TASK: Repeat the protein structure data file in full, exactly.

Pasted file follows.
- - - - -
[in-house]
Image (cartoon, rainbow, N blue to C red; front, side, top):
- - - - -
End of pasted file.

[in-house]
Image (cartoon, rainbow, N blue to C red; front, side, top):